- Don’t clutter articles up with large numbers of screen shots. IT professionals do not need text written in the style of a child’s comic book. Each screenshot should be essential to the story and add significant value to the narrative.
- Don’t bother repeating information that’s available in Microsoft documentation. Link to the documentation and use the article to discuss information that Microsoft’s writers don’t cover.
The ideal situation is where authors tell an informative story from start to finish in an article. Knowing what story to tell is often difficulty for authors, but going into that problem requires more space than available here.
Sad Standard Seen in Some Technical Web Sites
The sad thing is that many sites don’t do a very good job of editing. I read articles across a variety of technical web sites in an attempt to identify potential authors for Practical365.com and am dismayed when I see text littered with basic errors. Or articles that could reduce the number of words by 20% and still have the same value.
A recent example is an article about how to create Microsoft 365 mailboxes that describes a distribution group mailbox (no such object exists). This is probably a simple error that the editor should have picked up (if they know about Microsoft 365 or Exchange Online). The article also recommends using cmdlets from the Microsoft Online Services module to assign licenses to new user accounts. This is in spite of the fact that MSOL cmdlets that assign licenses don’t work anymore (as some are discovering to their discomfort). For the last two years, Microsoft has advised customers to upgrade license management scripts to use the Microsoft Graph PowerShell SDK. I can’t understand how the site can publish such rubbish unless they practice “light editing,” meaning that their editing consists of uploading text to the site and pressing the big “Publish” button.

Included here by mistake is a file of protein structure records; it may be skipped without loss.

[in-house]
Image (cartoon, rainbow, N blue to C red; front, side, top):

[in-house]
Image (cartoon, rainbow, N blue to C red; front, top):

Avoiding Errors in Technical Web Sites
We make mistakes when publishing Practical365.com articles too. But we do our best to avoid errors by putting submitted articles through a copy and technical editing process. Copy editing clarifies and improves text (it still amazes me when authors submit text replete with spelling and grammatical errors). Technical editing examines the text to detect errors in statements made about the technology or code examples. Editorial exists to help authors publish articles containing the best possible text. It’s possible (and happens occasionally) that errors still appear on the site. When that happens, our policy is to correct the issue as quickly as possible.
Editing can be uncomfortable for authors if they feel that the process is too intense or points out too many issues with their writing. I’ve been told by an author that our editing “removed their voice.” That’s sad, but only because their text basically needed a complete rewrite to make sense and justify publication. Just because you think your text is good enough doesn’t mean that an editor has to agree.
Come Talk to Us at TEC
If you attend TEC and are interested in writing for Practical365.com, please visit our stand and chat with Jacob Stokes or myself. We’re always looking for new talent, people who can make technology come alive through their writing. From our side of the house, we will dedicate the right editorial resources to make your writing as good as possible when publishing your articles – and that’s a promise.